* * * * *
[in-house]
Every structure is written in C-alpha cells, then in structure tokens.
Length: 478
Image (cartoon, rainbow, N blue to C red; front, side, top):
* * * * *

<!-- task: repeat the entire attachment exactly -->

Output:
[in-house]
Every structure is written in C-alpha cells, then in structure tokens.
Length: 478
Image (cartoon, rainbow, N blue to C red; front, side, top):